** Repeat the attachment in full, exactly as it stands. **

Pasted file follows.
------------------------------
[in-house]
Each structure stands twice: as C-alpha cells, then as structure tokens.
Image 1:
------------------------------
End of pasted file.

[in-house]
Each structure stands twice: as C-alpha cells, then as structure tokens.
Image 1: